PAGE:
GINGER’S GUIDE TO: Living on Campus

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GINGER’S GUIDE TO: Living on Campus

Hanna Pennington | Executive Editor

Hanna Pennington | Executive Editor

Hanna Pennington | Executive Editor

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When I first arrived at Marshall University, I was a wide-eyed freshman who didn’t have much life experience. And as a journalism major, I barely had any writing experience (my high school newspaper, if you can call it that, was a joke). But as I write this, I just learned that two of my articles for The Parthenon have won awards. I’ve recently received scholarships from the College of Arts and Media and been recognized for my writing accomplishments by the School of Journalism. For my internship requirement, I’m working at the Herald-Dispatch this summer, and one of my first stories made it onto the front page, above the fold no less. I get paid to work for The Parthenon, and that’s been a goal since my first Green and White Day. I’m not saying this to brag but rather to demonstrate the opportunities I’ve had because of Marshall and especially the College of Arts and Media.

I’m confident that every Marshall student and graduate have their own stories about what amazing things they’ve done because of, and for, our university. And as part of the class of 2023, you will too.

It’s hard to write an advice column because your experiences won’t be exactly like mine, and every person’s time here is unique. But I can share some things with you that I hope might make your transition here a little easier. I live on campus, though I’m close enough to home to visit just about every weekend. I’ve had the opportunity to live off campus, but I didn’t take it because I love living on campus so much. I know a lot of people don’t, but I want to share three pieces of advice if you’re living on campus. 

For starters, don’t discount the dining hall. You guys are lucky because by the time you start in the fall, so many new dining options are available. Steak ‘n’ Shake, Denny’s, La Famiglia…it’s going to be a great year. Even if you commute, I’d recommend getting at least some type of meal plan. And don’t forget about Campus Express! I barely went here my first year, but since then, it’s fueled so many homework-binging nights. Every employee, whether at Harless, Towers or the Student Center, is incredibly nice, helpful and welcoming. Plus, you shouldn’t blame them if you’re unhappy with what’s being served; that is Sodexo’s responsibility, but that’s a whole different story.

Living with people you know can be tricky. And I know this advice is a little late, as roommate assignments are already out, but if you’re living with a best friend from high school, just be aware that your friendship is about to be tested. I lived with a great friend my freshman year, and now…let’s just say we hardly talk. But of course, that didn’t just have to do with living together; I’m not trying to scare you. I just want everyone to be careful with who you choose to live with. My sophomore and now my senior year, I’m going to be living with three complete strangers (junior year I had the same roommates). I should also mention that I live in Willis Hall, which is part of Commons. I’m preparing myself once more to try to impress my new suitemates and hope they like me, but I’m also reminded that this is a great opportunity. I made some wonderful friends as a sophomore because of who my roommates were, and though we aren’t living together anymore, we’ll still keep in touch. I now hope to make three new friends. So going back to living with someone you know—don’t let it hold you back from making new friends. Don’t just stick with your high school buddies. Branch out.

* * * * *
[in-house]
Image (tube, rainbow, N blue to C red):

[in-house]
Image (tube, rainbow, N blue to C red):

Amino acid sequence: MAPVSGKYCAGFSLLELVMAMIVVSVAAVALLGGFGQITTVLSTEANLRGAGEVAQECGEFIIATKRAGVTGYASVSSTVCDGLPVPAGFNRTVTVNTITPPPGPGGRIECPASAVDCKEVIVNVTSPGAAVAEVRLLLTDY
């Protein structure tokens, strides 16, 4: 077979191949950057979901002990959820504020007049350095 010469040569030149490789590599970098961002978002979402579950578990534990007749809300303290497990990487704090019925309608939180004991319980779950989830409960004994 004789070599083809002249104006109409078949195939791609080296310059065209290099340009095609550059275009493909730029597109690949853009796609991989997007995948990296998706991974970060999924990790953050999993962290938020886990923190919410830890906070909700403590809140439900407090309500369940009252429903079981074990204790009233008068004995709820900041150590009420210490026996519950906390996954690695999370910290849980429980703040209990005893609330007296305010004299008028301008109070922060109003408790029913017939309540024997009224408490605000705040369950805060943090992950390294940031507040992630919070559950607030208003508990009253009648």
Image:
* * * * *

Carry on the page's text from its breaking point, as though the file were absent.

Finally, I just want to talk about how many opportunities exist on campus. If you log into HerdLink, you’ll find a list of more than 200 student organizations. I promise there is something for everyone, and even if there isn’t, you have the power to create a club or group. Students here can work flexible hours at the dining halls, library or the Rec Center. Campus Activity Board has so many amazing and fun (and free!) programs each week, to help students destress or just explore their creativity. If you’re really excelling in a certain class or subject, I encourage you to apply to be a tutor. If you like writing, then reach out to me about contributing to The Parthenon. Or if you have any questions about anything, related to living on campus or not, please don’t hesitate to ask me. 

The possibilities at Marshall are endless. 

Amanda Larch can be contacted at [email protected]

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